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The Woman at the Light

A Novel

by Joanna Brady

The Woman at the Light by Joanna Brady

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There are currently 43 reader reviews for The Woman at the Light
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Rita L. M. (06/10/16)

A can't-put-down book
Once I started reading it was very hard to put down. It was not a run of the mill "romance" novel. The subject of slavery was honest and the lives of the people was very revealing. I learned some facts about the history of this country that I hadn't considered before. Emily had to grow up fast. Life was hard work but she was a strong woman who put her family first. A great read.
Kristine I. (Carmel, IN) (08/12/12)

Escape to Key West
I found The Woman at the Light a fun easy read, and found myself drawn in quickly to the story. I enjoyed learning about the keeping of the lighthouse and the history of Key West. The pace of the book was good and it kept my interest, but somehow I felt a bit detached from the narrator. I would have liked to feel her emotions more deeply. So many tragic and beautiful things happened to her but they were told a bit too matter-of-fact. She was still a strong woman, and I could admire her for how she dealt with all the challenges that came her way.
Grace S. (Harrison Township, MI) (08/02/12)

The Woman at the Light
An enjoyable read with a descriptive history of Key West in the 1800s as well as insight into the role of women and slavery .... all interwoven with family dynamics and a love story.
Kristin P. (Reston, VA) (08/02/12)

A Summer-worthy historical fiction read
The Woman at the Light is historical fiction that transports you to another era in Old Key West. The greatest strength of the book is the rich historical setting. The character development, however, seems very 2-dimensional and at times feels forced to support the story. Overall, this is a fast read great for summer.
Linda J. (Manchester, MO) (07/31/12)

The Woman at the Light
What a delight this book is! If you like Key West and are captivated by lighthouses, this book will keep you turning pages and wondering what will happen next. Joanna Brady did her research on women who "keep the light" in lighthouses, and has spun a tale filled with romance, mystery, and heartbreak. Emily Lowry was born in a well-to-do New Orleans family. After a whirlwind romance, she moves with husband Martin to Key West, then to Wreckers' Cay, an island off the coast, where Martin runs the lighthouse. One day, he disappears leaving her with their two children in charge. When a runaway slave finds the island, the story takes off. Spanning 45 years, the story is perfectly paced. Brady has captured the feel and atmosphere of the time when society had much different rules. How Emily copes with what life throws at her makes this book a compelling read.
Barbara L. (Mill Valley, CA) (07/30/12)

The Woman at the Light
I really liked this book. Emily Lowry is a character that resonates with the reader. Her growth and transformation from a pampered,wealthy young Southern woman to a strong, courageous independent woman whose eyes were opened to the ways of the world from which she had always been sheltered was compelling. How she learned to follow her heart and defy the strict societal mores of her day provided for a very satisfying read. This would be a great book for book club discussions, as there are many aspects to consider, among them slavery, Key West history and miscegenation. A good read!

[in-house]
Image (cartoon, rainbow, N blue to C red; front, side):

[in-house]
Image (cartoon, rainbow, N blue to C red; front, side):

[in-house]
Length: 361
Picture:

Julia A. (New York, NY) (07/28/12)

Interesting but uneven
"The Woman at the Light" is an interesting read from the standpoint of dealing with a topic not often seen in novels, that of women lighthouse tenders in the pre-civil war era. I learned a lot from this book. The book's narrator, Emily, was one such lighthouse keeper, gaining the post when her husband disappeared. The narration is broken down by time periods, and some of the chapters are fast-paced and exciting. Others are slow-going. At times, I felt frustrated by Emily's lack of emotion when narrating events that would have inspired strong emotions in any person. At other times, the emotion was appropriate to the situation. Dealing with such weighty themes as miscegenation, interracial sex, family treachery, betrayal, piracy, and disease, there is of course the risk of melodrama; perhaps trying to avoid that pitfall accounts for the author's at times giving Emily such a dispassionate, almost off-hand narrative style while other times allowing her to express the expected human emotion. The book is worth a read for its insights into the historic period before and immediately after the Civil War, told from an unusual viewpoint, but don't expect to be blown away by "The Woman at the Light."
Anna M. (Dallas, TX) (07/22/12)

Good Beachside Reading
I wanted to review this book because I'm a total beach girl, love reading stories that have settings on islands, beaches or coastlines, and I have visited in Key West before and wanted to know more about it. This book certainly delivers in those regards! The historical references to Key West and the Florida Keys in the mid 1800's are interesting and informative.

The character development, however, wasn't enough to involve me emotionally in the book. While there are some tragedies and triumphs, not enough is known about Emily, Andrew and their families and histories to draw you into the story. I was more involved with the mystery, social structure and evolution of the lighthouse lifestyle and the development of Key West as a major financial influence on the state of Florida.

This book is fast-paced and will definitely satisfy your need for an easy read at the water this summer.

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